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Educational Teams: teaching in a different way Heather Fry Centre for Educational Development Imperial College London Barcelona 2007
Main Areas • The course/teaching team: a particular type of educational team? • Some questions about educational teams • My personal experience as part of educational teams • Working with (and helping to create) educational teams • Some propositions for consideration before embarking on or promoting educational teams • Some arguments for and against educational teams
What is a teaching team? • A group of people engaged in curriculum design and/or teaching and supporting the learning of students taking a course or programme. • Course: a unit of teaching, a module. Part of a complete degree programme.
Questions About Educational Teams • How or why do they form? • What happens to role and status in a teaching team? • What happens to choice? • Efficient and Effective? From whose perspective?
Questions About Educational Teams • Permanence or ‘of the moment’? • Do some teaching methods/forms of curriculum organisation ‘demand’ having a team? • Do regulatory requirements demand a team? • Who belongs to a course team? And how many teams can/should an individual belong to?
Maximally, what might be the composition of a teaching team? – – – – – one or several academic teachers an administrator a learning technologist a lab technician a librarian Ph. Ds and Postdocs running seminars and labs a student learning support officer a person looking after pastoral care an educational developer (or the e-learning specialist might combine these roles) – students – others? Does it need an inner core group? How do you get ‘buy-in’ from all? Can only divide tasks once there is an agreed plan for outcomes, teaching, assessment, evaluation: these aspects are interdependent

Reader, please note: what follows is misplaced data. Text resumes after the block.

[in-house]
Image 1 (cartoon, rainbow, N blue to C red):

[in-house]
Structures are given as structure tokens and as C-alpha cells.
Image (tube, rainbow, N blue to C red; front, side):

CED work with teams and groups • A one–off workshop designed for teaching teams: ‘Designing Courses and Curricula’ • An ‘educational interest group’ facilitated by CED: ‘Topic Focussed Learning Sets’
Propositions about educational teams for consideration • A team can focus on a different thing from a course • Need a clear purpose and rationale – shared goals • ‘Top down’ may not work; BUT often need a leader • Most needed in times of change or innovation • Vary in intensity and effectiveness over lifetime • For ‘buy-in’ need outcomes worthwhile to individuals • Can be more or less a requirement for some types of teaching/ curriculum organisation
Propositions about educational teams for consideration • The main costs are financial – money and time • Their output will limit freedom for individual action • They help the whole to be greater than the parts • The composition of educational teams needs careful thought • ‘External’ factors may be among some of the main reasons forming teams – but there main purpose/value should be pedagogic
Arguments for and against course teams? AGAINST • Can take more time and difficult to get everyone together • People are not used to it • May have difficulty reaching consensus IN FAVOUR • A democratic way of working • Shares problems, ideas and solutions • If formed by members’ choice they will have commitment • Provides a forum for discussion of teaching and may prepare the ground for decision-making • Can help with inducting newer staff members Other points…?
Heather Fry Centre for Educational Development, Imperial College London Barcelona 2007